Sunday, August 11, 2013

Experience changed my mental model . . .

I appreciate the anonymous comment to my last post on New York's Common Core assessment results.  The comment ends with the following paragraph, a mental model that I once held, but one that  no longer influences my behavior.

Education really is an enigma. Everyone, for the most part, has had an experience. Everyone believes how they went to school and the way THEY learned is how it should be done now. You would never ask a doctor to make the incision a bit more to the right or question the lawyer in your case is that they right way to argue the point. You trust them, with the most important decisions in your life. I too, would like that kind of trust.

For a long time I believed this was the case for the majority of parents and community members, but over time I have come to believe that it doesn't need to be that way.  In our system we have implemented many changes to delivery models and to classroom practice, some of which have sustained and others that didn't.  Through these changes, however, our parents have trusted us to do what we believe is best for their children.  Though I don't believe that it is the norm in all school systems, for most in our community I believe it to be true.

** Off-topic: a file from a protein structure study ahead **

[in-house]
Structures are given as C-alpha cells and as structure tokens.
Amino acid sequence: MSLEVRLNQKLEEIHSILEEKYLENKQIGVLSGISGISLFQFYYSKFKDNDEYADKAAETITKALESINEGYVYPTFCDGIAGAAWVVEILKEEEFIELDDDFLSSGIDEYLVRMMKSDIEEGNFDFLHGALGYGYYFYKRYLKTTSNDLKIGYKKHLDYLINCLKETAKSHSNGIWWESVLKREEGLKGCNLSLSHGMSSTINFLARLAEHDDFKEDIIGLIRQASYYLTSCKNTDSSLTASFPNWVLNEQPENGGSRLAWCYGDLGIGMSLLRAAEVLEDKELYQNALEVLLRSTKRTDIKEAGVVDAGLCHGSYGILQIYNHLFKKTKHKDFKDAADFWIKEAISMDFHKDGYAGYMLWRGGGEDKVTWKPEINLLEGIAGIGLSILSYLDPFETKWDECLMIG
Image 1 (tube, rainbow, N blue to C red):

Why is this the case?  I believe that it starts with a School Board that understands and supports the need for adult learning and for creating the capacity to adapt to changing demands.  It also requires a belief in transparency and understanding that collectively we have greater capacity to support the needs of our young people than we do as individuals or isolated teams.  Though there are many other factors supporting our current reality these are three essential components.  If you could add one, what would it be?


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